NanoResCon2023: Using recycled energy in daily life (piezoelectric fiber)

 To enable the use of energy harvesting technologies that can recycle energy wasted or consumed in daily life, a research team led by Lim Sang-kyoo, senior researcher of the Division of Energy Technology at DGIST (President Kuk Yang), developed a piezoelectric polymer/ceramic composite fibre with a cross-sectional form that is uniformly controlled.

Through the piezoelectric effect of the material and the wearer's movement, piezoelectric fibre can generate electrical energy and power wearable electronic devices. The majority of piezoelectric fibres created to date, however, are made of nanofibers, which makes it challenging to control the shape of the fibres and makes the fibres weak, impeding their commercialization. There are also not many investigations on the connection between the piezoelectric performance and the geometry of the fibre material.

Using melt spinning technology, a research team under the direction of Lim Sang-kyoo, senior researcher of Division of Energy Technology, created PVDF (Polyvinylidene fluoride) fibre that contains barium titanate in a nano stick form by moulding it into the form of flowers and stems (daffodils, radish blossoms, papyrus stems, and sedge stems). By expanding the fiber's surface area and crystallinity at the same time, the team was able to improve the piezoelectric performance, which is helpful for producing electricity.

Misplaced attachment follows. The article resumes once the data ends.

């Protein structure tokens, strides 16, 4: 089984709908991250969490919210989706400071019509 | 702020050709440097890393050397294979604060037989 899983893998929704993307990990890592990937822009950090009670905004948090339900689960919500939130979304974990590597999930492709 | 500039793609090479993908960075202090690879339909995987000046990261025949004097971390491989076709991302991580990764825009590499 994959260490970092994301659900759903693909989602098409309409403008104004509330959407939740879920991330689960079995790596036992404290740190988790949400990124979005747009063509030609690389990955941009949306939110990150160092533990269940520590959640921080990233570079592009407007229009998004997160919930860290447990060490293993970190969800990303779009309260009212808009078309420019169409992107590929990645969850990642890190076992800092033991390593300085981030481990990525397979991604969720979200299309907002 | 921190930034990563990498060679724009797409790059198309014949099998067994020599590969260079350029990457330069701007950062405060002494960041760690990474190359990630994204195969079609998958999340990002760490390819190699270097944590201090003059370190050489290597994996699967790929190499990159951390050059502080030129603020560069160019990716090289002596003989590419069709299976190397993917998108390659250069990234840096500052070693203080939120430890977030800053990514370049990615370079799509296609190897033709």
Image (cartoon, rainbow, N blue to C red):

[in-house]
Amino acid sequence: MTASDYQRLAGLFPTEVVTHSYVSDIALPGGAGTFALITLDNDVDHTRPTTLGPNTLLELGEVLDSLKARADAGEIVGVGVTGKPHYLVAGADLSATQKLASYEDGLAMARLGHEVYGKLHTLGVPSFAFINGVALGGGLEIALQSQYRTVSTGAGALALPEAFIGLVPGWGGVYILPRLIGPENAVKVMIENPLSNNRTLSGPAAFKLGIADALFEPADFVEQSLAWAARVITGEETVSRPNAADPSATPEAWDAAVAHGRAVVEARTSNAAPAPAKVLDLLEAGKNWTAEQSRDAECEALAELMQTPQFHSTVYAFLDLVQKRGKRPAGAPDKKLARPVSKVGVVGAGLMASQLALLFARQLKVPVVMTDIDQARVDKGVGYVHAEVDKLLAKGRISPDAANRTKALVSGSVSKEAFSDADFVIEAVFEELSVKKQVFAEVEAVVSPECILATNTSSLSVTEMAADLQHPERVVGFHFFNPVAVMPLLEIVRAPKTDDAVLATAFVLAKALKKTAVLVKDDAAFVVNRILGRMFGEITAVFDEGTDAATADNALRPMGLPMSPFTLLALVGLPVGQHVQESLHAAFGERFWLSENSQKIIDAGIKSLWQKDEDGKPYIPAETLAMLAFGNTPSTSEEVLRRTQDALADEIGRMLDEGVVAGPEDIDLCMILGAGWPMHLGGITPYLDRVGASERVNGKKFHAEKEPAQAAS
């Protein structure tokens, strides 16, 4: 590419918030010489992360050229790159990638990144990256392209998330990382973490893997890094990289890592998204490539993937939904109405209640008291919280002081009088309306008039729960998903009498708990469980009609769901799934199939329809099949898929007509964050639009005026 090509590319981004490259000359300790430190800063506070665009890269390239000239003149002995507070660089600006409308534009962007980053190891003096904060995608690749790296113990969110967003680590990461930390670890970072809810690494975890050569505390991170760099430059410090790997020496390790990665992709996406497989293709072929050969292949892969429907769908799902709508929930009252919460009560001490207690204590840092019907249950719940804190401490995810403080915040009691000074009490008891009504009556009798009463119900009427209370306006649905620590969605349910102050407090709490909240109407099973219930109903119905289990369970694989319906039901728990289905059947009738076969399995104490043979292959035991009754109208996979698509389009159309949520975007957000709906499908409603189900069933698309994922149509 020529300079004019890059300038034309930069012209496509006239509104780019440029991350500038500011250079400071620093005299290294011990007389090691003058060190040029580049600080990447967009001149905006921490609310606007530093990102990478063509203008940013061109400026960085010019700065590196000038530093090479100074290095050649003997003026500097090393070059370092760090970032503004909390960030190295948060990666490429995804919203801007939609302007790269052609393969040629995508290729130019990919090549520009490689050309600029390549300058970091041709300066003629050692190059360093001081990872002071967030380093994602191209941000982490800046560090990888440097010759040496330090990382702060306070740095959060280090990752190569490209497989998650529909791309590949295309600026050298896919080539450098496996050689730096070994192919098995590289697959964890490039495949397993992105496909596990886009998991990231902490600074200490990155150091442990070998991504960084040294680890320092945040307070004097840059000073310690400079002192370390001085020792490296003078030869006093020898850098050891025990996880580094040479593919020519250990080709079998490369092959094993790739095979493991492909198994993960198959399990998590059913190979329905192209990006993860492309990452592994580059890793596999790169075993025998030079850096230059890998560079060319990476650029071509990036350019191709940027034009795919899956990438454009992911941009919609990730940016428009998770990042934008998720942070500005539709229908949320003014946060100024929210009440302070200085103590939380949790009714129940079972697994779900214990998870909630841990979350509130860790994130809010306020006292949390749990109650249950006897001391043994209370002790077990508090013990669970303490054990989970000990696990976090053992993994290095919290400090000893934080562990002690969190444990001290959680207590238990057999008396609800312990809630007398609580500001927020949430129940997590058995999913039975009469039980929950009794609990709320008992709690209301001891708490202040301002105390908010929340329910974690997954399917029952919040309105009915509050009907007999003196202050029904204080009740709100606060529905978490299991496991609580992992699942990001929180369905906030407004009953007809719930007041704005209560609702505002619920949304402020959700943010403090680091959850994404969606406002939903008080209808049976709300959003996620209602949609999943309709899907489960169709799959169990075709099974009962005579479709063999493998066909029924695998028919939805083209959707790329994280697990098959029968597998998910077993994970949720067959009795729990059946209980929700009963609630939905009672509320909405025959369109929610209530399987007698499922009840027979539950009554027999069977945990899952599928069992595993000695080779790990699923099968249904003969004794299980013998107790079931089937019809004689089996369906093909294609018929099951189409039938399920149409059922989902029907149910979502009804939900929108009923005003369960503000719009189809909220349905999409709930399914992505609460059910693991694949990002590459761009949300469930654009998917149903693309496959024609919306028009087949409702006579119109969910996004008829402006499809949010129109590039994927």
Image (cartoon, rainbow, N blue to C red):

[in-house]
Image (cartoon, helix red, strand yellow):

Additionally, the researchers used a high-speed camera to confirm the relationship between the specific surface area and the piezoelectric effect in light of the fiber's shape. The deformation caused by an external force causes the piezoceramic PVDF composite fibre to deform, producing an electrical signal. To examine the variation in piezoelectric performance based on the shape of piezoelectric ceramics, PVDF fibres containing barium titanate nanostructures in different shapes (spherical and stick shapes) were created. The team verified that it increases piezoelectric performance in favour of the arrangement and maximises the dielectric polarisation.

Senior researcher Lim Sang-kyoo stated, "It is anticipated that this research will eventually lead to the commercialization of high-performance fiber-type energy harvesting materials with enhanced fibre strength." 

In the meantime, the findings of this investigation were released in Nano Energy's June issue.

Source: DGIST provided the content (Daegu Gyeongbuk Institute of Science and Technology). There may be length and style edits to the content.


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